Everyone loves a good American Western, including Joseph Stalin. The Soviet dictator was a fan of the genre, but wasn’t too fond of its biggest star: John Wayne. It’s alleged the actor’s anti-Communist sentiments led Stalin to issue a hit on him. However, are these claims true or the creation of one of Hollywood’s biggest stars?
In the late 1940s, many countries feared the global spread of Communism. This included the United States, where it was feared people were secretly supportive of the USSR and its Communist regime. John Wayne was vocal about his dislike of Communism, a rarity in Hollywood, as many in the entertainment industry had secret ties or sympathies.
Stalin learned of Wayne’s popularity from Soviet filmmaker Sergei Gerasimov, who’d attended a peace conference in New York City in 1949. He worried Wayne’s prominence would pose a real threat to his mission, and it’s alleged he ordered to have the actor assassinated by the KGB.
According to Michael Munn, film historian and author of John Wayne – The Man Behind The Myth, Wayne caught wind of the assassination plot, which was set to occur at his Hollywood office. When the two hitmen arrived, they were met by hidden FBI agents, who handed the pair over to Wayne and scriptwriter Jimmy Grant.
It’s alleged the pair took them to the beach and staged a mock execution, after which they told the FBI to send them back to the USSR. The pair, fearing retribution back home, pleaded to remain in the US and became FBI informants.
There were other incidents, as well. Munn alleges additional KGB agents were sent to the set of Hondo to take out Wayne following his appearance in the anti-Communist movie Big Jim McClain, while a sniper captured in Vietnam claimed to have been hired by Chinese Chairman Mao to kill Wayne while he was visiting troops in 1966.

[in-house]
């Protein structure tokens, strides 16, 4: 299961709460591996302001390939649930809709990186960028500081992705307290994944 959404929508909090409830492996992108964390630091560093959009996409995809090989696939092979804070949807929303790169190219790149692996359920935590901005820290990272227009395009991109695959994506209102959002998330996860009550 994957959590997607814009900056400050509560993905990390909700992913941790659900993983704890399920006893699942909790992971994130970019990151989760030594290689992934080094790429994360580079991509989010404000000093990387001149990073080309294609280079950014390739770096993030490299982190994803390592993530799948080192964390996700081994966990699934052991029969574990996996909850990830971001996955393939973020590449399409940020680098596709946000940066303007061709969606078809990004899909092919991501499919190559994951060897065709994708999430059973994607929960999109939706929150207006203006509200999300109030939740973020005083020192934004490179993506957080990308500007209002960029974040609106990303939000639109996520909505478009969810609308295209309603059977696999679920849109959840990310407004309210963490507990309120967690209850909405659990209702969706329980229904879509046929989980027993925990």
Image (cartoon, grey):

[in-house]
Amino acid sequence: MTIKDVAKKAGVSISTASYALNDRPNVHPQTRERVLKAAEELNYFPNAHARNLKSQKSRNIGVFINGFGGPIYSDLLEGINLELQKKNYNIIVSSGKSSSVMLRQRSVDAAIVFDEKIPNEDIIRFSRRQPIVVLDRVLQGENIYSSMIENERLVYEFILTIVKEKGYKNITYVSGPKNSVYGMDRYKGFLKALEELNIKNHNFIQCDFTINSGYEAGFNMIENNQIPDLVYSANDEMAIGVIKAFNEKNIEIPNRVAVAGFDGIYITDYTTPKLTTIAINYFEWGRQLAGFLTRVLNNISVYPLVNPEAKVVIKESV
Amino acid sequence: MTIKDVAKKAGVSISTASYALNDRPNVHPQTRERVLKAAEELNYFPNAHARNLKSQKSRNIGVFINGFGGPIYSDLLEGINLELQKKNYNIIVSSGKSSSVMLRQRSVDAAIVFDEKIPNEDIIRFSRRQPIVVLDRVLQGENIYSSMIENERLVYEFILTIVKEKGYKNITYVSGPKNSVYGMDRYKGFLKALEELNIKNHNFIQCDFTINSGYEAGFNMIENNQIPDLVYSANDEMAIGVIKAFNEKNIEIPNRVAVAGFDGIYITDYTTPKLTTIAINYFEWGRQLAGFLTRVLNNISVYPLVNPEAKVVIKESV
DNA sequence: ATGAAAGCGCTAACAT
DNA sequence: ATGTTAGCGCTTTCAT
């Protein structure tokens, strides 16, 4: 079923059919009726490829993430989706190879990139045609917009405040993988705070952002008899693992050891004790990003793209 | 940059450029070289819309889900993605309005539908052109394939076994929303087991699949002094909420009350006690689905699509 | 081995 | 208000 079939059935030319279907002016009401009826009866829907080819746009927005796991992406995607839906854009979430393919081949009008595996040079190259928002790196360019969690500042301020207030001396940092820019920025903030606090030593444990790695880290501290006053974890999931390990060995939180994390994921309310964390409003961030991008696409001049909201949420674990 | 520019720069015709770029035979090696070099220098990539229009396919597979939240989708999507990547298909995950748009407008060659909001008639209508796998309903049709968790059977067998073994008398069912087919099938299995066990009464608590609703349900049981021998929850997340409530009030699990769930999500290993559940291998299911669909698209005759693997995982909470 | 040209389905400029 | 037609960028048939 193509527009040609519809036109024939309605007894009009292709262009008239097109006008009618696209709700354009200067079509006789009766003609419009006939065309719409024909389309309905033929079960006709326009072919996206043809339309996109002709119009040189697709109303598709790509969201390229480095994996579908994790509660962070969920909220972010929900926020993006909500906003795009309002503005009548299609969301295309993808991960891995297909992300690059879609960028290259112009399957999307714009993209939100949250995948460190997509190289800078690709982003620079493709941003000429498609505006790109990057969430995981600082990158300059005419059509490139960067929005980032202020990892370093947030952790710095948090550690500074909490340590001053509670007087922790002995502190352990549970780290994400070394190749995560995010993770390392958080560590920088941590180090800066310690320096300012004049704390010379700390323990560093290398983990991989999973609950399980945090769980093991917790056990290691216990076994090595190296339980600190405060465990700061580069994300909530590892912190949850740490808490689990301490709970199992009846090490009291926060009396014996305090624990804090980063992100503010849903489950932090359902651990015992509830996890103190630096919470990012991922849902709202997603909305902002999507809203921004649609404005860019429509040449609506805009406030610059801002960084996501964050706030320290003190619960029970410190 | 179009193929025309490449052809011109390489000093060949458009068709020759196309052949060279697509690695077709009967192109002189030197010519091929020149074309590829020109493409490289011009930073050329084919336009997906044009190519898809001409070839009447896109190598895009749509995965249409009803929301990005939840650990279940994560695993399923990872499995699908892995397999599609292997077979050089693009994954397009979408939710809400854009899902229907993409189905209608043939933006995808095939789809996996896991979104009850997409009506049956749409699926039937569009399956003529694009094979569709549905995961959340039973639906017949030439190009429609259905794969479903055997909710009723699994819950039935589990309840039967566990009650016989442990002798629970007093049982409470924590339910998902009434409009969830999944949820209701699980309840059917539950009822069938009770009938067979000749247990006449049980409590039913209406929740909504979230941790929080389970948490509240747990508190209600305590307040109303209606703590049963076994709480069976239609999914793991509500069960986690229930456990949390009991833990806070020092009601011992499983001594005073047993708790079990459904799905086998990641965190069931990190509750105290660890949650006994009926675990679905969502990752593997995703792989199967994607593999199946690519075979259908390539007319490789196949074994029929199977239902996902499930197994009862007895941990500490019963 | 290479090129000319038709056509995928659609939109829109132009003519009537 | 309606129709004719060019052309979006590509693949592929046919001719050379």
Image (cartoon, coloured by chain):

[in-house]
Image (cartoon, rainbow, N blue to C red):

Through it all, Wayne is said to have declined any protection from the FBI, opting instead to move into a house with a large wall surrounding it. He also had Hollywood stuntmen infiltrate communist cells to expose any plots against him. This is alleged to have revealed a potential plot in 1955.
Following Stalin’s death in 1953, his successor, Nikita Khrushchev, reached out to Wayne to issue an apology and inform him the order for his death had been rescinded.
The question is: where did Munn obtain this information, since Wayne never spoke publicly about the assassination attempts? He alleges actor and director Orson Welles told him at a dinner party in 1983. Welles claimed to have heard the story from prominent Russian filmmaker Sergei Bondachuk, who’d had the information confirmed by Gerasimov and fellow filmmaker Alexei Kapler.
He also claimed Wayne personally told him that stuntman Yakima Cannutt “saved his life once,” likely in the early 1950s, and that Cannutt himself said the FBI confronted Wayne upon learning about the plot. “He said the FBI had come to tell John about the plot,” said Munn. “John told the FBI to let the men show up and he would deal with them.”
There are many who doubt Stalin ever sent KGB agents to assassinate Wayne, citing a number of inconsistencies in the stories. They point out Wayne’s claim that communist cells in the US were plotting to kill him came two years after Stalin’s death, which wouldn’t have been likely. They also note the implausibility that federal agents would hand over the assassins to Wayne, especially for a mock execution, and believe this to be a play on a classic Russian trope.
As well, there’s no mention of the assassination attempts in Wayne’s FBI file. If the federal government had knowledge of the plot, it is safe to assume there would be documentation about it. However, those with access to Wayne’s file state no such information exists, and there’s no indication files have been redacted.
We might never know if these claims are truthful, but one thing is certain: they work to strengthen the public image Wayne created for himself.